May 2013

STUART MORGAN GOLF
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Practice Well

Have you ever noticed that we practice golf away from the course? How many other sports do that? We have driving ranges, short game areas and putting greens that are there to help us learn to play golf. Something is wrong here. Most of us end up practicing the same shot over and over again. In the industry, we cal this block practice. For example, you go to the driving range and hit 6 irons off a perfect lie to the same target 30 times in a row. The last time I checked, you never do this when you play golf. Hitting thirty 6 irons is not preparing you for the test on the golf course. This is why I want to introduce you to what the industry calls "random" practice. I like to call it Golf practice.

Golf practice is a different club off a different lie, to a different target. Never hit the same shot twice in a row. The ultimate golf practice is playing golf. Since we don't always have this opportunity, use the practice facility wisely by always changing your situation. This will force your brain to go through the process of assessing the lie, choosing the appropriate shot and ultimately the club and swing that will produce the ideal shot for the situation. Now the transition from the practice facility to the course will be seamless. I'm not saying that block practice is not important, but it should only be part of your practice time. The better the player, the more your time should be spent on golf practice. 

Do you ever wonder why you are good on the range and not on the course. Your answer is that your block practice is not golf practice. 

 

 

 

 

 

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zander Tip zone

   
 
mental game   strategy tip   short game
 

We always hear that golf is 90% mental. My old boss Hank Haney used to joke that this may be true but that 10 % physical part better be pretty good. But once you have a functional and somewhat repetitive swing, the mental game does play a huge part.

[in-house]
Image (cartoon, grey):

You should be in the correct frame of mind when you hit a shot. You need to have all of your information such as the lie, yardage, wind direction, and pin placement in order to formulate the shot you want to execute. You also want to have your mind in a state which will allow you to be successful when you are over the ball. 

Next time you play, keep a mental scorecard. I simply want you to keep a track of when you were prepared for success, and when you were not. Just noticing the times when you weren't prepared will help you become more aware of your mental state and guide you towards a stronger mental approach. It's amazing how that 10% physical performs better when that 90% mental is functioning well. 

 

This month I am not going to give you an on course strategy tip. I want to help you formulate your strategy for practice. When you go to the practice ground, you should have a plan for how to spend your time. 

In a perfect world, you would be keeping statistics and understand where your game needs work. But even if you don't know this, you have a general idea of your weaknesses. Go take a lesson or watch my videos on the aspect of your game where you struggle and spend your time there. Practicing what you are already good at may make you feel good but it is not helping you improve as a player. 

Be aware of mental and physical fatigue as you practice. Quality beats quantity any day. 

 

One of my favorite short game practice games is 21 because it simulates golf. Go to your short game area and hit 9 different short game shots. Three should be easy, three should be medium and three should be hard. Hit the shot and then go putt out and keep your score. If you get them all up and down, you will shoot an 18! If you get 6 out of 9 up and down, you have a tour quality short game. 

The cool thing about this game is that it gets you thinking about strategy, shot selection, and execution. Each situation is different which is just like what you encounter when you go play. 

If you are an advanced golfer who plays in tournaments, I recommend you play 21 as you play your practice round. 

 

putting tip

Practice with one ball! The last time I checked, the rules of golf stated that you only get one try yet we usually practice with three balls since that is what the manufacturers put in a sleeve. That makes no sense! The problem with practicing with three balls is that we use the first two to see the break and feel what is going on with our stroke. We don't get to do that on the golf course. 

Practicing with one ball makes you go through your pre-putt routine including marking your ball, reading the green, making a rehearsal stroke and then executing. Now you get to go through the process again on a different putt. Guess what, you are now practicing golf. Actually, you are playing golf. Its like you never left the golf course. Now the transition from the putting green to the golf course is seamless.